About 40 million Americans suffer from chronic sleep disorders each year while an additional 20 million experience occasional sleeping problems. If you are one of these individuals, you know how the problem can affect your daily life. It has also been shown that those who suffer from sleep disorders might also be suffering from a problem directly related to temporomandibular joint (TMJ) disorders (TMD), or jaw pain. A disorder in the TMJ can cause jaw pain and discomfort in other parts of the body and symptoms, such as sleep apnea, teeth grinding and tension headaches or migraines. And, when this occurs, it can negatively impact a good night’s sleep.

Let’s take a look at sleep apnea, teeth grinding and how you can find relief for your jaw pain.

What is Sleep Apnea? Studies continue to be conducted showcasing the connection between TMD and sleep disturbances. In many cases, a misaligned jaw joint, or TMJD, is actually to blame for sleep apnea. This is because the tongue’s position is impacted by the alignment of the upper and lower teeth, so when the teeth are misaligned, the tongue can block the airway as you sleep. When this problem occurs, it can cause a person to wake up frequently throughout the night.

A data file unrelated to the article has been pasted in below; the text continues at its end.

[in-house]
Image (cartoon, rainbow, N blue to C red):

What is teeth grinding (Bruxism)? Bruxism, or teeth grinding, is also another symptoms of TMD. With a misalignment of the jaw, many people will unconsciously grind or clench their teeth together. As a result, bruxism causes significant damage to your teeth and is something that can be easily corrected with proper care. Due to the force of the jaw, people with severe bruxism can break their dental fillings and/or cause the outer layers of their tooth enamel to wear away, which then exposes the highly sensitive dentin. This extreme jaw muscle tension can also result in complications, such as lockjaw and tension headaches.

How to find relief from TMD

TMD and jaw pain can potentially be causing your sleep problems. If this is the case, try some of these tips at home:

  • Gently stretch your neck throughout the day
  • Pay attention to, and improve your posture
  • Avoid chewing gum
  • Gently massage your jaw muscles
  • Commit to a soft diet

While these exercises might help, if your jaws are not properly aligned, it is important to get help. Headaches can become a nuisance but can eventually become incapacitating, making treatment vital for proper daily function.

Contact Dr. Mayoor Patel at Craniofacial Pain & Dental Sleep Center of Georgia for more information on TMD and how it might be affecting your sleep.